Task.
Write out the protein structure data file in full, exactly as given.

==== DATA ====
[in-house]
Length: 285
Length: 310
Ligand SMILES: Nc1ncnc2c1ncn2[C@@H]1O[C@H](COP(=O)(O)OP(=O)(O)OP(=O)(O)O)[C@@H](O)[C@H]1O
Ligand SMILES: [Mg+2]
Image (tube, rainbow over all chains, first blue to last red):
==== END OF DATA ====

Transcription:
[in-house]
Length: 285
Length: 310
Ligand SMILES: Nc1ncnc2c1ncn2[C@@H]1O[C@H](COP(=O)(O)OP(=O)(O)OP(=O)(O)O)[C@@H](O)[C@H]1O
Ligand SMILES: [Mg+2]
Image (tube, rainbow over all chains, first blue to last red):